Non-neutralizing antibodies against factor VIII are detected in untreated or minimally treated patients with hemophilia A.
The presence of non-neutralizing antibodies is associated with a substantially increased risk of inhibitor development.
The development of anti-factor VIII (FVIII) neutralizing antibodies (inhibitors) is the major complication in hemophilia A. Non-neutralizing antibodies (NNAs) have not only been detected in hemophilia patients but also in unaffected individuals. The aim of this study was to assess the prevalence of NNAs in a cohort of previously untreated or minimally treated patients with hemophilia A, and to evaluate whether their presence is associated with the development of inhibitors. Plasma samples of 237 patients with severe hemophilia A enrolled in the SIPPET trial were collected before any exposure to FVIII concentrates and analyzed for the presence of anti-FVIII NNAs. Patients were followed for the development of neutralizing antibodies. NNAs were found in 18/237 (7.6%) of patients at screening, with a clear age gradient. Of those with NNAs, seven patients subsequently developed an inhibitor, for a cumulative incidence of 45.4% (95% confidence interval (CI95) 19.5-71.3%), whereas among those without NNAs 64/219 (29%) developed an inhibitor (cumulative incidence 34.0%, CI95 27.1-40.9%). In Cox regression, patients with NNAs at screening had a 83% higher incidence of inhibitor development than patients without NNAs (hazard ratio (HR) 1.83, CI95 0.84-3.99). For high-titer inhibitors, the rate was almost 3-fold increased (HR 2.74, CI95 1.23-6.12). These associations did not materially change after adjustment. The presence of anti-FVIII NNAs in patients with severe hemophilia A not previously exposed to FVIII concentrates is associated with an increased incidence of inhibitors.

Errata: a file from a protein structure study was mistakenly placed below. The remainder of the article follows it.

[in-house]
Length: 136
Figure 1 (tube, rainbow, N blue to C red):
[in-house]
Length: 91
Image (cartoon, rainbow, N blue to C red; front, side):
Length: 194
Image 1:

- Submitted June 6, 2016.
- Accepted December 15, 2016.
- Copyright © 2016 American Society of Hematology
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